When Marshall developed the early email protocols, he didn’t hide this aspect of its operations. It just took the rest of the world many years to catch on. As a result, we now have companies that are deliberating locating in data havens to prevent governments from gaining access to their data streams. Witness ProtonMail and Kolabnow, both doing business from Switzerland, and Mailfence, operating out of Belgium. These companies have picked their locations because they don’t want your email finding its way into the NSA’s Utah data centers, or anywhere else for that matter. And we have articles such as this one in Ars that discuss the issues about Swiss privacy laws. Today a business knows enough to ask where its potential messages will be stored, whether they will be encrypted, and who has control over its encryption keys. That certainly wasn’t in many conversations — or even decisions about selecting an email provider — ten years ago.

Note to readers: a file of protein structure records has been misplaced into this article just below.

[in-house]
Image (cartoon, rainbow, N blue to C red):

One way to take back control over your email is literally to host your own email server so that your message traffic is completely under your control. That has been a difficult proposition even for tech-savvy businesses — until now. This is what Helm is trying to do, and they have put together a sexy little server (about the size of of a small gingerbread house, to keep things festive and seasonal) which can sit on any Internet network anywhere in the world and deliver messages to your inbox. It doesn’t take a lot of technical skill to setup (you use a smartphone app), and it will encrypt all your messages from end-to-end. Helm doesn’t touch them and can’t decrypt them either. Because of this, the one caveat is that you can’t use a webmail client. That is a big tradeoff for many of us that have grown to like webmail over the past decade. Brian Krebs blogged this week that users can pick two items out of security, privacy and convenience. That is the rub. With Helm, you get privacy and security, but not convenience (if you are a webmail user). Irony again: webmail has become so pervasive but you need to go back to running your own server and email desktop clients if you want ironclad security.